“We are committed to establishing a remediation programme as quickly and safely as possible.”
It added: “We cannot guarantee that there will be enough public funds to support all the work that is needed, and other parties including developers must play their part where construction is not as it should have been.”
I fear for the safety of my children every day. I am beyond shock at how long this is taking
– Flat owner Abhijeet Kadwe
Abhijeet Kadwe lives in fear… the sight of the flats where his family lives is a daily reminder their home is wrapped in combustible cladding.
The 39-year-old business analyst moved into a riverside apartment at Finnieston, Glasgow, in May 2018 with his wife Monica and their two young sons, Kiaan, five, and Advay, eight.
However, not long afterwards he discovered the block was covered in aluminium composite cladding, similar to that used on the Grenfell Tower.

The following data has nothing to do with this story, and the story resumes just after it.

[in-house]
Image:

He said he and fellow residents paid around £10,000 for an independent survey on the building last year which highlighted a number of other fire risks, as well as the cladding.
They were told the building would be a priority to have a safety assessment done under the Scottish Government’s One Building pilot scheme but said that he has been left in the dark for months as to when this might happen.
“The implementation of this scheme has been far too slow and there is not even a proper line of communication between the government and residents,” he said. “I am beyond shock at how long this is taking to get under way, considering the risk to people’s safety.
“I fear for the safety of my kids every day. Living with this situation takes its toll not just financially but also on your mental wellbeing.”
Kadwe – who paid just over £210,000 for the property – said he hoped that residents will eventually have the survey money reimbursed by the Scottish Government but that for some residents, costs are already mounting up.
“I can’t sell the place at the moment because it is not mortgageable and I also expect our insurance premiums to go through the roof on renewal,” he said. “I have heard from people who live in other phases of our development that their insurance costs have more than tripled.
“It is encouraging that a pilot scheme to assess affected buildings is under way but things need to start moving with a lot more urgency.”
He added: “So far I haven’t heard of anyone who has yet received a penny in assistance from any government scheme. At the moment, it is all just on paper.”